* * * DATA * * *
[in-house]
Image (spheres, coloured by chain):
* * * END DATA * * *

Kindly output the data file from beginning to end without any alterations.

[in-house]
Image (spheres, coloured by chain):